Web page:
The government acquired the stake for $2 billion in cash and $1 billion in non-cash payments, BG Group said today in a statement. Tax of $1 billion is payable on the gain from the sale, it said. The Karachaganak partners won’t pay export duty for the remaining 26 years of their production sharing deal.
The agreement also allows the partners to deliver an extra 2 million metric tons of oil annually through the Caspian Pipeline Consortium’s link in the period, BG Group said. The additional shipments will begin at 500,000 tons and rise to 2 million tons as the pipeline expands in the next three years.
The deal settles a more than two-year dispute between the partners and Kazakhstan, the biggest energy producer in central Asia, over paying tax and recovering costs. The production- sharing agreement allows the investors to recoup their costs before the government takes its share of the oil revenues.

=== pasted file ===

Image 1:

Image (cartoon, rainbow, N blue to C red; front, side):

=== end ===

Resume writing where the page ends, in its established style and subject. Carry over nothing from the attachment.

Kazakh Oil Minister Sauat Mynbayev and Finance Minister Bolat Zhamishev were scheduled to sign the agreement with the partners, according to a government order dated June 25 and published today in state-run newspaper Kazakhstanskaya Pravda.
BG Group’s interest in the project falls to 29.25 percent today from 32.5 percent, it said. Eni SpA (ENI)’s stake also dropped to 29.25 percent, while Chevron Corp. has 18 percent, OAO Lukoil 13.5 percent. State-run KazMunaiGaz National Co. gets 10 percent. Karachaganak is estimated to hold 9 billion barrels of condensate and 48 trillion cubic feet of gas, BG said.